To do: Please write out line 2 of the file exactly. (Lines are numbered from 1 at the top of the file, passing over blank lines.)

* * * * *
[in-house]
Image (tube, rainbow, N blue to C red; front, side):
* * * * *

Image (tube, rainbow, N blue to C red; front, side):